There are three enactments in India for the law of arbitration namely, the Arbitration Act, 1940, The Arbitration (Protocol and Convention) Act, 1935, and The Foreign Awards (Recognition and Enforcement) Act, 1961. But these laws have become outdated and the legislation had introduced a bill seeking to consolidate and amend the law relating to domestic arbitration, international commercial arbitration, and enforcement of foreign arbitral awards and to define the law relating to conciliation; everything to bring a much-needed aspirational change to make India an arbitration hub among other countries.
They have made efforts to encourage international trade and make New Delhi the center of international arbitration centers. Several amendments were brought in the Arbitration & Conciliation Act as to the establishment of Arbitration Council of India, the completion of written claim and defense to the claim in arbitration proceedings within six months of the appointment of the arbitrators, confidentiality of proceedings, exclusion of international arbitration from the mandate of Section 29A, etc.
The Indian law brought amends not just to make India an international hub for arbitration across the globe but to speed up the resolution of commercial disputes and be cost-effective with as much less intervention of the court as possible. A high-level committee has been set up by the central government and on its recommendation, the central government had introduced the Arbitration & Conciliation (Amendment) Bill 2018 in the Lok Sabha on 18th July 2018. Unfortunately, the Bill got lapsed and the Arbitration and Conciliation (Amendment) Bill, 2019 was passed and the Arbitration and Conciliation (Amendment) Act, 2019 came into force on 9th August 2019 which contains provisions dealing with Domestic and International Arbitration and defines the law for conducting conciliation proceedings.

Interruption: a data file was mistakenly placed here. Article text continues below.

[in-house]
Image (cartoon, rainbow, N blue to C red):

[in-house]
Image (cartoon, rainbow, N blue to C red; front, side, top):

Recent arbitration has helped a lot in regard to taking some burden from the judicial system which has a huge backlog of cases pending, and cases that take time to come to a decision. The judicial system is coming up with numerous judgments with a constant focus to save both times and cost in arbitration. Apart from taking lesser time in resolving disputes and being cost-effective, arbitration is also trending in discouraging the filing of insubstantial applications that challenges the arbitral awards, encouraging institutional arbitration, lessening court intervention at both pre-arbitration and post-arbitration level, etc.
The parties can seek help from the high court to appoint themselves with an arbitrator. They can also free to choose the kind of procedure they would want to resolve their disputes including dates and block dates for trial and hearing. They can choose a specialist to arbitrate in matters which involve technical issues. However, in certain cases, arbitration requires court intervention which again burdens the judicial system with the already present backlogged cases and sometimes the hearing takes place after the court hours, and it is very tiring cause it can go on for days.
The Indian judicial system is trying a lot to make India an international arbitration hub. The law alone can’t help improve and encourage the establishment of an arbitration institution, even parties, and entities involved need to be more professional and efficient. Parties are unwilling to appoint arbitrators outside the pool of retired judges and advocates. It’s almost like an extension of the court system with very slow growth and establishment of a separate body of arbitration.